On November 4, 1922, the tomb of King Tutankhamun was discovered at Luxor, Egypt. “… [b]y the time he discovered Tut’s tomb…British archaeologist Howard Carter had been excavating Egyptian antiquities for three decades.” history.com. It was thought at the time that all of the tombs had already been discovered in the Valley of Kings, which lay directly across the Nile River from ancient Thebes. The archaeological community was buzzing with excitement over this unexpected find. Up until the discovery of the tomb in 1922, very little information was available about Tutankhamun. It took a dig team headed by Carter a total of 10 years to completely empty the tomb and catalog all of its contents.
King Tutankhamun sat as pharaoh of Egypt from age 9 until his mysterious death at age 19 c.1324 BCE. He succeeded his father, Pharaoh Akhenaten, who had given the Egyptian pantheon a complete overhaul, insisting that the people worship only Aten, a sun god, depicted as the solar disk emitting rays terminating in human hands, whose worship briefly was the state religion. “Genetic testing has verified that King Tut was the grandson of the great pharaoh Amenhotep III, and almost certainly the son of Akhenaten.” It is more than likely that Tut had ‘help’ from old temple priests to make the decision to retract Akhenaten’s proclamation.
The tomb, which had been sealed for over 3200 years, yielded a marvelous collection of treasure and artifacts. This discovery instantly made Tut one of the most famous of the pharaohs. Many of the missing pieces in the puzzle of the royalty of Egypt were discovered from the study of these artifacts.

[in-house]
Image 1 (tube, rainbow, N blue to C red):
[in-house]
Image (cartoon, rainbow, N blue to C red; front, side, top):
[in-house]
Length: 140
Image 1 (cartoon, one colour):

There remains a mystery of how King Tut died. He was described as a frail youth and sported a clubbed left foot. As opposed to other pharaohs, who are shown standing while doing physical activities, he was depicted as sitting. It is practically a certainty that his ill health was a result of royal inbreeding. In a report dated 2010, DNA testing shows the Tut’s parents were brother and sister. Further, his wife, Ankhesenamun, was Tutankhamun’s half-sister. Genetic testing also showed he suffered from multiple bouts with malaria.
He has been postulated that King Tut’s demise was unexpected. Because of this, a plethora of artifacts “…including furniture, chariots, clothes, weapons and 130 of the lame king’s walking sticks…” were discovered in one anti-chamber alone plus “…three golden coffins, a granite sarcophagus and four gilded wooden shrines…” that barely fit into the main burial chamber. It has the earmarks of a rush job. And, unfortunately, the people of Egypt, who associated Tut with the revisionist ideas of his father, dismissed him as not worthy of praise. For that reason, his tomb was lost to memory for over 3000 years.
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